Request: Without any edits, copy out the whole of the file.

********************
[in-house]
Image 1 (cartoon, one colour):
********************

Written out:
[in-house]
Image 1 (cartoon, one colour):